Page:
My grandma – yia-yia – used to pay me cold hard cash to learn a tiny bit of Greek. Beyond remembering just one swear word, the lasting impact of her lessons is my self-identification as being “half-Greek.” As a result, I rarely pass up the chance to quote Greek philosophers.
According to Heraclitus of Ephesus, change is the only constant. Case in point, this year’s waiver of your IRA’s required minimum distributions or RMD.
First, a little bit of background. Once you reach age 72, the government forces you to take money out of your IRA every year. The reason is simple; after you’ve enjoyed decades of untaxed gains, the government wants you to pay up, finally.
On March 27, tucked inside the massive piece of legislation known as the CARES Act, Congress suspended RMDs for just this year. This distribution hiatus applies to regular IRAs, 401(k)s, and inherited IRAs, too.
While it is unusual for Congress to waive RMDs, one was also granted in 2009 during the Great Financial Crisis. Notably, during that saga, the waiver was granted very late in 2008. This allowed for plenty of time to plan for the year ahead. We weren’t as lucky this time!
This year’s rule change created some interesting technical challenges for retirees. What could be done if you had already taken your RMDs before March 27th? What if you didn’t really need the money you took out? How do you actually undo it?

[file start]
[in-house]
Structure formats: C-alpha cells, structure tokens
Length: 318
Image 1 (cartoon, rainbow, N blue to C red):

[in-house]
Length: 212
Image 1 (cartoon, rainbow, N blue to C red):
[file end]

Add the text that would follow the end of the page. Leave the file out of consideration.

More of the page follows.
There’s a little known rule, referred to as the 60-day rollover rule, that allows people who took money out of their IRA to simply redeposit it. You are only allowed to use this tool once every 12 months. Using that rule seemed like a simple solution to undo an RMD done before March 27. Unfortunately, it really wasn’t.
Apparently unbeknownst to Congress, this 60-day rollover tool isn’t actually allowed for RMD distributions. It only applies to regular, non-RMD distributions. To further complicate matters, since the CARES Act became law on March 27, even incorrectly using the 60-day rollover rule still didn’t help those Johnny-on-the-spot retirees who took their RMD before January 27.
This confusing state of limbo is how things stood for about three months since the CARES Act had passed; until about a week ago.
Finally, on June 23, the IRS published a notice that says any RMDs can be returned to your IRA by August 31. And, the new guidance covers any distributions taken all the way back to the start of 2020.
Actually, it turns out that Heraclitus’ wisdom was not completely true. Change really isn’t the only constant. He forgot about the certainty of both death and taxes.
With this new get-out-of-jail-free card – which expires by August 31 – you may want to consider returning any unwanted RMDs. Deferring taxes for another year is a deal that’s likely too good to pass up. I’ll keep you posted on my work finding a way to defy death. Hint: Don’t hold your breath for too long!
Jason P. Tank, CFA is both the owner of Front Street Wealth Management, a purely fee-only advisory firm and the founder of the Money Series, a non-profit program committed to providing open-access to financial education, for all. Contact him at (231) 947-3775, by email at Jason@FrontStreet.com and at www.FrontStreet.com